Former world champion Amir Khan is back in the UK this week and is likely to announce his next opponent within days. The identity of Khan’s dance partner remains unclear, with names such as Luis Collazo, Adrien Broner, Kell Brook and Danny Garcia circulating recently. There are various permutations of where Khan goes next following his 11 month layoff since a forgettable points win over Julio Diaz and a frustrating period trying to get Floyd Mayweather into the ring.
“King Khan” suffered a setback when the P4P King chose Argentinean slugger Marcos Maidana, and has since claimed that Mayweather went for the path of least resistance and took “the easy route” in opting to fight Maidana. Perhaps it’s churlish to suggest this easier route involves fighting someone possessing an 88% knockout ratio and someone whose record at welterweight is knocking out three people in a row and taking Adrien Broner’s undefeated record. Although given the Bolton fighter’s recent inactivity, largely at the hands of Mayweather, such petulance is understandable.
Let’s explore a fringe but plausible theory of why Mayweather-Khan fell by the wayside – this being that at some point in the protracted negotiations – that Khan himself, or someone on his team crossed an invisible line and offended Floyd Mayweather. The Mayweather who moves whenever he wants, decides who to fight, when, how and wherever he pleases. The Floyd Mayweather who refuses to be put into a corner when it comes to the business end of the sport, and who has stubbornly, at times, refused outright to even entertain the thought of fighting Manny Pacquiao. The Floyd Mayweather who made Mexican superstars Saul Alvarez and Juan Manuel Marquez meet him at the catchweights he set for him. Woe betide the man who tries to dictate to, coax or frogmarch the sport’s most powerful fighter.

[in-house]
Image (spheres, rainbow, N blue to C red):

The cardinal sin Khan allegedly made was in December, when he made public to the British media the fact that he had already signed the contract – his side of the bargain if you will – to fight Mayweather on May 3. Prior to this Khan had been telling journalists the fight was “very close” to being finalised with an announcement potentially coming within a couple of weeks. Indeed Khan had pulled out of negotiations to fight then IBF welterweight champion Devon Alexander in December, if it wasn’t already clear that the Englishman was closing in winning “Money” Mayweather’s sweepstakes.
When Maidana’s winning ticket came up in February, Matchroom Sports’ Eddie Hearn revealed he had made a $5 million offer to Khan to fight his own unbeaten Kell Brook this summer – most likely in an English football stadium. However, Hearn was more insightful in a Boxing News interview in January, saying he had heard that Mayweather “wasn’t too happy” about Khan publishing the contract – adding that he had a feeling the fight subsequently wouldn’t happen. Hearn would later be proven right.